Israel is now entering its third strategic environment. The constant threat of state-on-state war defined the first, which lasted from the founding of the Jewish state until its peace treaty with Egypt. A secure periphery defined the second, which lasted until recently and focused on the Palestinian issue, Lebanon and the rise of radical Sunni Islamists. The rise of Iran as a regional power and the need to build international coalitions to contain it define the third.
Israel's fundamental strategic problem is that its national security interests outstrip its national resources, whether industrial, geographic, demographic or economic. During the first phase, it was highly dependent on outside powers -- first the Soviet Union, then France and finally the United States -- in whose interest it was to provide material support to Israel. In the second phase, the threat lessened, leaving Israel relatively free to define its major issues, such as containing the Palestinians and attempting to pacify Lebanon. Its dependence on outside powers decreased, meaning it could disregard those powers from time to time. In the third phase, Israel's dependence on outside powers, particularly the United States, began increasing. With this increase, Israel's freedom for maneuver began declining.
Containing the Palestinians by Managing Its Neighbors
The Palestinian issue, of course, has existed since Israel's founding. By itself, this issue does not pose an existential threat to Israel, since the Palestinians cannot threaten the Israeli state's survival. The Palestinians have had the ability to impose a significant cost on the occupation of the West Bank and the containing of the Gaza Strip, however. They have forced the Israelis to control significant hostile populations with costly, ongoing operations and to pay political costs to countries Israel needs to manage its periphery and global interests. The split between Hamas and Fatah reduced the overall threat but raised the political costs. This became apparent during the winter of 2008-2009 during Operation Cast Lead in Gaza when Hamas, for its own reasons, chose to foment conflict with Israel. Israel's response to Hamas' actions cost the Jewish state support in Europe, Turkey and other places.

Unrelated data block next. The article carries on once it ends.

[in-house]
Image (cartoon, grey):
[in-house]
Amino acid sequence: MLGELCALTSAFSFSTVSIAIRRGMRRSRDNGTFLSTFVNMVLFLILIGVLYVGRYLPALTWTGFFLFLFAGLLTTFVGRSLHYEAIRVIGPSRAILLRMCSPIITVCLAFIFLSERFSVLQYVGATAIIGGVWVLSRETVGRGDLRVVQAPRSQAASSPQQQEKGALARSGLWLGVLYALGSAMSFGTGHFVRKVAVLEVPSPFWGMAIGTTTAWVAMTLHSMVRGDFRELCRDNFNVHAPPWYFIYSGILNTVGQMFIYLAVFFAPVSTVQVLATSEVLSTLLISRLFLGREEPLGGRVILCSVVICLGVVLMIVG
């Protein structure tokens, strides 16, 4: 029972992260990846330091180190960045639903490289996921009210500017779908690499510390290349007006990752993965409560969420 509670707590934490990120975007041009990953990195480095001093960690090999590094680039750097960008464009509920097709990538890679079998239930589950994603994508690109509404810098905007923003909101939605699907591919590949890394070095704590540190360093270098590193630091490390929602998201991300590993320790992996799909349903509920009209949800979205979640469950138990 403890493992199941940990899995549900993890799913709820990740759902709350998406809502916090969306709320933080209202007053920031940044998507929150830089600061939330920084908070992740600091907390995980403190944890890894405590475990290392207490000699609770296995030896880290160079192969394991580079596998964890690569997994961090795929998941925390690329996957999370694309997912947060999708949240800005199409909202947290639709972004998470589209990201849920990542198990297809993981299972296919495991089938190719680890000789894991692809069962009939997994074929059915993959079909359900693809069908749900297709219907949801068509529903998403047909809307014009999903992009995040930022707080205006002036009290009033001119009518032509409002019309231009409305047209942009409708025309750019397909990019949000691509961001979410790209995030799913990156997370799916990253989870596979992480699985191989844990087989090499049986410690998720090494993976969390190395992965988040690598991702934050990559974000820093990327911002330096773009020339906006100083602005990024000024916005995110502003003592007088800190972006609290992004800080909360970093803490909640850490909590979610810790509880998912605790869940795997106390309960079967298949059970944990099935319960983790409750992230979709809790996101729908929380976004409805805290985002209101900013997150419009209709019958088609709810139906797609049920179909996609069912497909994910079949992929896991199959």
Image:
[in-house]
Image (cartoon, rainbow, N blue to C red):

Ideological or religious considerations aside, the occupation of the territories makes strategic sense in that if Israel withdraws, Hamas might become militarized to the point of threatening Israel with direct attack or artillery and rocket fire. Israel thus sees itself forced into an occupation that carries significant political costs in order to deal with a theoretical military threat. The threat is presently just theoretical, however, because of Israel's management of its strategic relations with its neighboring nation-states.
Israel has based its management of its regional problem less on creating a balance of power in the region than on taking advantage of tensions among its neighbors to prevent them from creating a united military front against Israel. From 1948 until the 1970s, Lebanon refrained from engaging Israel. Meanwhile, Jordan's Hashemite regime had deep-seated tensions with the Palestinians, with Syria and with Nasserite Egypt. In spite of Israeli-Jordanian conflict in 1967, Jordan saw Israel as a guarantor of its national security. Following the 1973 war, Egypt signed a peace treaty with Israel that created a buffer zone in the Sinai Peninsula.
By then, Lebanon had begun to shift its position, less because of any formal government policy and more because of the disintegration of the Lebanese state and the emergence of a Palestine Liberation Organization presence in southern Lebanon. Currently, with Syria in chaos, Jordan dependent on Israel and Egypt still maintaining the treaty with Israel despite recent Islamist political gains, only Lebanon poses a threat, and that threat is minor.